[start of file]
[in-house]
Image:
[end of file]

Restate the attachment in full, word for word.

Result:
[in-house]
Image: